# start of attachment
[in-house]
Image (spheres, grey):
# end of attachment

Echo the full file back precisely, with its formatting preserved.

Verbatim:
[in-house]
Image (spheres, grey):